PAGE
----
There are plenty of directions Sky could go with potential documentaries in 2013 but the outlook does not appear rosy. In 2012, you could argue that they were short of time as they only won the rights in July of 2011, but in March 2013, that argument falls down like a stack of cards. The channel should be stacked of programming come March, there really is zero excuse. After all, why bother having a dedicated Formula 1 channel, yet only make a half hearted effort of it? With the pre-season, as I noted above, they could air a ton of pre-season documentaries along the lines ‘Top 10s’ and get the contributions of their own on-air team alongside Formula 1 legends. Things like that would be relatively cheap compared to a detailed Formula 1 documentary on a team’s history, but it fills airtime, it does the job and brings a feel of ‘newness’ to the channel rather than yet more repeats. Sky seem to have the attitude that nothing before 2012 matters, hence why there is a heavy weighting on 2012 programming with the programming on ‘rinse and repeat’ in the off-season currently.

Which brings us nicely to classic races. The lack of classic Formula 1 races in 2012 on Sky Sports F1 was bewildering and staggering when you consider BBC’s fantastic classic F1 series online. Yes, they screened classic races from Monaco and Britain, but that was it. Nothing in the latter half of the season. In 2013, classic Formula 1 races is a must. Not season reviews, but classic F1 races. You may say, “they may not have the rights to screen them”. If so, it is beggars belief that they would create a channel without having the core archive rights beforehand as you leave yourself falling down a hole by doing that. In my opinion, classic F1 races are absolutely essential for the channel to succeed. After all, why bother building a channel without the core rights? It does not need to be tons of classic races, otherwise they will run out fast, but two or three a week would be sufficient before a race weekend. In fact, it does not even need to be a ‘classic’. Every race has a story. Why not exploit that story and re-tell the story in a new format (like ‘Senna’, but just one race), which goes back to the documentary mentions above.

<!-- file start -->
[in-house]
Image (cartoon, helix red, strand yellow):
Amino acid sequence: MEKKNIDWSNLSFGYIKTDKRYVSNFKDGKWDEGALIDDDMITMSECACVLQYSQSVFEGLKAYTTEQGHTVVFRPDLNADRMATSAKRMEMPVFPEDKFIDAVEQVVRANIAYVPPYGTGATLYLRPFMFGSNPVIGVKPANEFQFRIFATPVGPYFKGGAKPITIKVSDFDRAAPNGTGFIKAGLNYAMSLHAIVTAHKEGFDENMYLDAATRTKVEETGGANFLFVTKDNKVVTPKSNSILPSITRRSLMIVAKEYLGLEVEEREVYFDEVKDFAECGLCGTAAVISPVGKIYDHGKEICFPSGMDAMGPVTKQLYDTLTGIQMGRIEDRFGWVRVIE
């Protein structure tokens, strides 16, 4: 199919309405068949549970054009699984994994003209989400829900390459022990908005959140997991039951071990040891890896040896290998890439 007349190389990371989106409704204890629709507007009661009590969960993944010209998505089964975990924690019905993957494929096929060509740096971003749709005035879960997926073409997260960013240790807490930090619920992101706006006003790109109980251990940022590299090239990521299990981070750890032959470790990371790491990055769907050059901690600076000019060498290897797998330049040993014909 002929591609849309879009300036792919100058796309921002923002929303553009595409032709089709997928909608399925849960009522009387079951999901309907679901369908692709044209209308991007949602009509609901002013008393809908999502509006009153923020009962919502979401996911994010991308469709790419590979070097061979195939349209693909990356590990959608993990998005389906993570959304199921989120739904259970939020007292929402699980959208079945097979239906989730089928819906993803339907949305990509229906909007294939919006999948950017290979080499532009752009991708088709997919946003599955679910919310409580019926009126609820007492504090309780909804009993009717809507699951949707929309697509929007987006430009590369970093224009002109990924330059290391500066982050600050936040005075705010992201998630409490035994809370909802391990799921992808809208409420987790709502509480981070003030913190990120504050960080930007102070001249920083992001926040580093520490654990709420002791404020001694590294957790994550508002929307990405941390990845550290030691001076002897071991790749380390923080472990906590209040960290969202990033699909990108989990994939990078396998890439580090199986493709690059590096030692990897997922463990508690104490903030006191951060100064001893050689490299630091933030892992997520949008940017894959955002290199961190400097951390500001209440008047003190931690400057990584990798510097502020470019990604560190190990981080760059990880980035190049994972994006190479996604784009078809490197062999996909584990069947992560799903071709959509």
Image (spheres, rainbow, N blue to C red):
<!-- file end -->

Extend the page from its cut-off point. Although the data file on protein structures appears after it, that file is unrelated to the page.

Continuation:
With the above in mind, I would consider the following a strong schedule after a particular race weekend, in this case after the Australian Grand Prix and before the Malaysian Grand Prix:

Monday 18th March
19:00 – Replay from the Circuit
– replay of the Australian Grand Prix

Tuesday 19th March
19:00 – Fast Track
19:30 – The Heart of Racing
20:00 – Going Hybrid
21:00 – Classic F1: 2001 Malaysian Grand Prix

Wednesday 20th March
19:30 – A Weekend With…
20:00 – The Little Extras
20:30 – Extended Interview